Mentoring at NCSI is a finite programme. The intense weekly calls during the on-boarding and mentoring phase of six months comes to an end. But a strong relationship continues and the mentee’s journey is not over. It evolves to what we call the post mentoring phase. This article focusses on the post mentoring phase.
After an entity that has been mentored into a steady state of being, it has to be supported to be a going concern. In the mentoring stage, the critical success factor (the idea that is working) has been identified and harnessed. Now the task is to scale and enable a sustainable platform for growth and social impact.
Based on our experiences so far with social enterprises, we see three key challenges in their operations in the post-mentoring phase.
- People: their management and talent acquisition
- Systems and processes
- Fund raising
It’s a cliché that people are the business, even more so in a start-up. As the business grows, we have seen two things happen.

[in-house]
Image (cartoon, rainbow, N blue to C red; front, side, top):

- The original team that started the enterprise tends to break up. Founders who once had a common cause now see things differently and part ways.
- The original team which was able to handle the business in the early days is now unable to have the bandwidth to manage a larger enterprise. The founders need to add talent to the original team and evolve from individual performers to team leaders.
The breakup of the original team is a tough call and an emotional one but necessary in the evolution of the enterprise. The guiding principle here is the alignment of purpose of the core team. All founders must align and if differences run deep, a parting of ways will happen. That is not the end of the world or of the enterprise! Mentors need to handle this gently and provide the needed insights and emotional support to the remaining founders to keep the company on track with the company mission without getting involved in the relationships. Founders have a way of managing. The best teams learn to get on with the business.
Adding talent is very critical. The team is still small and it is critical for the new talent to align to the purpose, more importantly, to have shared values and attitude. It is here that mentors play an important role in ensuring that founders hire for attitude and values and not just for skills.